• high-resolution MRI;
  • water-fat imaging;
  • chemical-shift artifacts;
  • musculoskeletal MRI;
  • finger joints;
  • arthritis



To study the use of an interleaved water-fat (IWF) sequence with a custom-made radiofrequency (RF) coil for high-resolution imaging of arthritic finger joints.

Materials and Methods

High-resolution finger magnetic resonance imaging (MRI) was performed using a custom-made dedicated RF receiver coil and an IWF sequence. A phantom, a cadaver finger specimen, and the fingers of two normal controls and six arthritic subjects were imaged with a resolution of 156 × 156 × 600 μm. The appearance of anatomic structures on the IWF images were compared with images acquired with a regular sequence. The images were reviewed by two musculoskeletal radiologists for the depiction of anatomical structures and for the presence of abnormalities.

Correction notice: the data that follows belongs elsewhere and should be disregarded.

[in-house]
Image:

The high-resolution images revealed detailed structures of the finger joints not detectable using typical clinical resolution. The IWF sequence gave more realistic depiction of subchondral bone thickness, and avoided false bone erosions displayed in the regular sequence. It also allowed better visualization of ligaments and tendons.


This pilot study shows the feasibility and the potential usefulness of high-resolution IWF imaging for finger joint evaluation. This technique may be useful for the diagnosis and treatment assessment of arthritis, and for the study of joint disease pathogenesis. J. Magn. Reson. Imaging 2011;33:245–251. © 2010 Wiley-Liss, Inc.